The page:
Yes but No: Havana Peace Agreement’s Ambiguous Sway on Colombia’s Rural Development Policy
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On 24 November 2016, the Colombian government and the Revolutionary Armed Forces of Colombia (FARC) signed a peace accord to end a six-decade war. One of the items included in the accord was the Comprehensive Rural Reform (CRR), an agreement laying out substantive measures on rural development aimed at improving land access, public goods provision and peasant’s agricultural supports. This thesis explores whether negotiated transitions can serve to enact distributive rural change through an in-depth examination of the relationship between Colombia’s rural development policy and the peace accord. It traces the antecedents, negotiation and early implementation of the CRR. The thesis draws from my direct involvement in the peace process as a government advisor and three years of fieldwork in Bogotá. In order to explain both the CRR’s emergence and the reasons for its ambivalent effect on policy, the thesis develops a framework that weaves together insights from three strands of literature – agrarian political economy, peace implementation and institutional change. By connecting global economic trends, emerging norms, and domestic political dynamics, this framework enables an analysis that captures how the exceptional circumstances of the transition in Colombia influenced policy outcomes. The thesis argues, on one hand, that the peace agreement did open policy space for a distributive rural agenda. This policy space gained leverage due to two factors: first, favorable global and domestic norms appropriated by key decision makers during the negotiation phase; and second, the drafting of robust provisions in the peace agreement translatable into policy actions. On the other hand, the thesis shows that once the negotiation ended, the reform’s scope for change was severely constrained by internal and external obstacles faced by the government. Internally, policy capture by agribusiness elites, coupled with a lack of bureaucratic coordination in the implementation and political pressures exerted by the government’s coalition to move away from the CRR, effectively undermined the government’s distributive agenda. Externally, a strong right-wing opposition heavily affected the legitimacy of both the government and the peace process overall.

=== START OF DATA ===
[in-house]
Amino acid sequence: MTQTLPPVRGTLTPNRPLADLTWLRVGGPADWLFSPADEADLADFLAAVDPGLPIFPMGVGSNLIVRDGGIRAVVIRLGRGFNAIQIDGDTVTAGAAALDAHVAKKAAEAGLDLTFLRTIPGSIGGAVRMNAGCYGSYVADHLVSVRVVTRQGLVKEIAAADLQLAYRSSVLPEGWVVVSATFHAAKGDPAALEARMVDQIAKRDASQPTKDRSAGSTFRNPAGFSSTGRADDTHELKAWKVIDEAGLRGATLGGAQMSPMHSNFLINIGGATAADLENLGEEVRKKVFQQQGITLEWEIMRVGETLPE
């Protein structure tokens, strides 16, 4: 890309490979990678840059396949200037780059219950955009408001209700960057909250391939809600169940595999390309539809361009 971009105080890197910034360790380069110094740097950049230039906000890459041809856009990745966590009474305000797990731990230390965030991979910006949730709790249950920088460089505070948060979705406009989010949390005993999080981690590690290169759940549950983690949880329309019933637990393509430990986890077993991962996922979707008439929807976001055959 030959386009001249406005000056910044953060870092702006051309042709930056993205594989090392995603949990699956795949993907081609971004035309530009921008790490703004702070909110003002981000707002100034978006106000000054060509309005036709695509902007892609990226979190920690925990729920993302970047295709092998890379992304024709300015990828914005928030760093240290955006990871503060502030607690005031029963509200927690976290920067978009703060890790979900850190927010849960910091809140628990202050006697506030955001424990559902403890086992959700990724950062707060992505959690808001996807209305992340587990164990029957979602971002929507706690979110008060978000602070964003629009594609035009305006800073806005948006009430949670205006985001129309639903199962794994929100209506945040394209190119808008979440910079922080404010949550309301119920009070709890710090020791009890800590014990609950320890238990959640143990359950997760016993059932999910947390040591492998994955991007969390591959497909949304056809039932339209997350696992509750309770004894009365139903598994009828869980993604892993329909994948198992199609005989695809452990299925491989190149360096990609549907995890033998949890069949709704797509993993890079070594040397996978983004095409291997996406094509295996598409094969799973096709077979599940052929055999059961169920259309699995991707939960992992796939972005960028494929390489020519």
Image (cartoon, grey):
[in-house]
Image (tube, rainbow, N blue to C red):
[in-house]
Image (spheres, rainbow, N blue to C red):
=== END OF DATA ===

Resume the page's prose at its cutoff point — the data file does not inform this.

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Andrés García Trujillo (2018). Yes but No: Havana Peace Agreement’s Ambiguous Sway on Colombia’s Rural Development Policy. UWSpace. http://hdl.handle.net/10012/13948